The FreeNAS developers also also pitched us TrueNAS, not that it was difficult to make us listen. iXsystems will soon offer TrueNAS in an all flash array, something we're excited about. The current builds of TrueNAS use hybrid storage pools with flash acceleration.
If you missed our review of the iXsystem's FreeNAS Mini be sure to take a look. The system cost less than $1000 and outperforms many systems costing several times more.
Flash Memory Summit 2014 - Micheal Wu from Phison stopped by to talk about their newest SSD controller. The quad-core PS3110 controller. The new controller features end-to-end data protection and supports DEVSLP. Chris Ramseyer took a look at the new controller in this article. The PS3110 supports TLC memory and up to 2TB of storage.
The PS3110 can be used in a multitude of applications from consumer, enthusiast, and even entry-level enterprise deployments. Phison is also working with M.2 designs for future implementations as well. The PCIe 3.0 x4 is due in Q1 for launch, and we should see working samples in Q4 of this year. All of the other competitors in this space are using PCIe 2.0, so 3.0 will be a big advantage for the Phison SSD.
Flash Memory Summit 2014 - Since Computex 2014 last June the SSD market has been buzzing about Plextor's upcoming M6 Pro SSD. The drive is Plextor's long awaited SATA III flagship product, replacing the M5 Pro Xtreme, a product that launched in January 2013.
Plextor has always billed the brand as a premium product with deep ties to Japan, where the company was founded. Some of that foundation made it's way into the M6 Pro. The drive design uses champagne tinted aluminum. This particular color is a big hit in Japan and has been for more than a decade. The color is so popular in fact that several home audio receiver and component makers use the finish for products sold only in Japan. Being Japanese only products, they demand big money in the US from collectors and those of us that like rare pieces.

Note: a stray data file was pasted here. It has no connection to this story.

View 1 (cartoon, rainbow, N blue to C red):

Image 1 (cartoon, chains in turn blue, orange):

The Plextor M6 Pro also carries another rare feature. Plextor developed a special cache software that duplicates the SSDs hot data in the systems DRAM. The data is kept on both the SSD and system DRAM so users don't have to worry about data loss. The software can also cache data writes but the data is quickly flushed to the SSD. At FMS 2014 we shot a quick video of PlexTurbo in action.
Flash Memory Summit 2014 - Today we sat down with Kevin Conley at FMS 2014. Kevin is just back from a trip but still made time to swing by to chat about new client and enterprise solutions coming from SanDisk. We've all ready about the new Extreme Pro SSDs available now in 256GB, 480GB and 960GB capacity sizes.
[Editors Note: TweakTown and SanDisk will give away an Extreme Pro 960GB SSD]
Flash Memory Summit 2014 - Kent Smith from LSI's Accelerated Solutions Division sits down with TweakTown to cover a wide range of topics.
Kent touched on a number of topics in the video including TweakTown's flash testing methods, the Seagate acquisition, extracting more data out of flash and SF3700.
FMS 2014 - Flash Memory Summit 2014 is underway, with LSI teasing its SandForce 3700 controller and its mixed 80/20 (read/write) workload performance, at up to a huge 1.3GB/sec on a native PCIe interface.
This achievement was made possible using the integrated SHIELD error correction with hard and soft LDPC and DSP technology, which works together to provide the associated endurance requirements. The SF3700 controller is built for, and optimized for bi-directional PCIe traffic, which drives the performance up much higher than competing flash controllers. This makes the SF3700 a great choice for enterprise storage.
LSI's Vice President of Marketing, Flash Components Division, Thad Omura, explains: "Flash storage solutions used for client computing, big data, and hyperscale enterprises are continuing to grow at unprecedented levels, driving the need for more advanced flash controllers to manage these data-intensive environments. The SF3700 is the ideal-building block for next-generation storage solutions with its full-duplex architecture. Both enterprise and client applications will benefit from our proprietary LDPC engine which enables customers to significantly extend NAND flash life by dynamically balancing performance and reliability with minimal latency".